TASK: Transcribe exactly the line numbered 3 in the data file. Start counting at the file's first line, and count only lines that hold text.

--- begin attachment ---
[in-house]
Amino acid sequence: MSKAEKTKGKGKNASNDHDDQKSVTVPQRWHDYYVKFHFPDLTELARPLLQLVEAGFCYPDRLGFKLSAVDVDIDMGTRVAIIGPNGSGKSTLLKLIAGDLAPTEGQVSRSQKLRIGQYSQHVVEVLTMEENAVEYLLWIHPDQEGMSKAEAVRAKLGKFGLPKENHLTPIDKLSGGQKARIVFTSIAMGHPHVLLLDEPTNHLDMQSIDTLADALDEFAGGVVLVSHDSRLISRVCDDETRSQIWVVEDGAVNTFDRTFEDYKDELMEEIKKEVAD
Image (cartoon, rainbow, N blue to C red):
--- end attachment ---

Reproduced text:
Image (cartoon, rainbow, N blue to C red):